Moved and now my camera accuracy is way off

My GlowForge accuracy was fantastic for the last few months. I just moved, so I packed up the GF, drove it up, and unpacked and set it up. Now positioning is about a quarter inch off. This is a screen shot of the app after scoring 3mm blue acrylic, a material I’ve used quite a bit. The crumb tray is clear, the material is flat and solid on the crumb tray.

The ‘target’ lines are 2" long, and the circle is 1" across (i.e. radius ½ inch).

I’m wondering if packing/unpacking caused the lid to shift how it closes slightly. It feels the same, but even a subtle change in angle could cause a quarter inch shift. It reminds me of how my GF camera was off by about a quarter inch right after I got it, which got better a month or so later.

Does GF know to recalibrate the camera alignment after the GF is moved?

Have you put the GF on the same table as it was before, or a new one ?
If the latter, are you happy with its ‘flatness’, and that your GF is not twisted in its new location ?
John :upside_down_face:


It’s not on the same table - that’s in a truck that’s still in transit. I think that the GF is relatively flat - the lid doesn’t bind. But I’m sure that it’s slightly different from before the move, which is presumably what is causing the camera alignment to be “off”. The question, IMO, is whether the GF can recognize that it’s been moved and needs to recalibrate. With my 3D printers I often need to re-do bed leveling after moving the printer (for the printers that don’t auto-level), because the frame shifts slightly when the printer is moved. So is the GF like that?

I belive the received wisdom is to level the corners of your GF with any thin shim material, using the fit of the lid as a crude guide to it being ‘level’(not twisted).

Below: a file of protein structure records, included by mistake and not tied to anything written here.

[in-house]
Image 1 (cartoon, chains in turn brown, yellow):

Then testing the alignment with paper or card as a throw away test piece, till you’re once again comfortable with its performance.
But definitely a DIY procedure.
John :upside_down_face:


So basically try to twist the printer so that the twist matches the twist before I moved it? I assume that means there’s no way to tell GF that a printer needs to be recalibrated for the case ‘twist’?

I can only apply logic to what you have said in your OP, that you were very happy with its performance, so I assume there was no ‘twist’ present.
If the only thing that has changed is the table on which it stands, then a new twist seems to me to be the most likely cause for the change in alignment.
John :upside_down_face:


The only calibration data available is that from when GF calibrated it at the factory.

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I’ve moved mine multiple times–within the same house, and have not noticed a significant change in performance; but, I’ve been using the same table the whole time.

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Nobody’s really directly answered your question, so: there is no way (that anyone here has disclosed) to recalibrate it. The calibration is done at the factory, supposedly on a special granite slab that is so flat it exists outside of space and time.